Special legislative session on trans bathroom access will not happen

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After a whirlwind few days wherein the TN House Republican Caucus discussed the viability of bringing all state legislators back to Nashville to debate transgender bathroom access in Tennessee, Chairman Glen Casada has decided to put the plan for a special session on hold.

That's the good news.

The bad news is—without requiring legislative input—Tennessee's attorney general has agreed to fight the ACLU's challenge to the Sumner County schools' new transgender bathroom ban.

Last week the Obama administration via the Departments of Education and Justice submitted a set of 'guidelines' to school districts across the nation, advising that they are bound by Title IX anti-discrimination rules as it regards transgender bathroom access in education. The announcement irked conservatives in the area, particularly in Tennessee where an anti-trans bathroom bill died in committee earlier this year.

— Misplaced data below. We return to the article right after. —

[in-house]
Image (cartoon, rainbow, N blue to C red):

While it was unclear exactly what sort of legislative act would have been undertaken had the full legislature reconvened, the primary concern from Chairman Casada was reportedly that school districts would be sued, and it was unclear where the state attorney general stood on the issue.

WKRN is reporting that Casada has received word from Attorney General Herbert Slatery's office that it would defend Sumner County schools in its contested anti-trans bathroom ban from the ACLU of Tennessee. As well, Governor Bill Haslam offered support, saying, "My full intention would be for the state to help them in every way that we can if they are sued."

For these reasons, Casada has decided there is no need for a special session, though he's vowed to keep his petition on file for the next while, in case he sees reason to bring it back.

Earlier this week The Tennessean reported that Casada had polled the House Republican Caucus in light of the Obama guidelines and 57 out of the required 66 legislators agreed to a special session. Had he reached the goal, it would've triggered a similar vote in the Senate before progressing to a special session.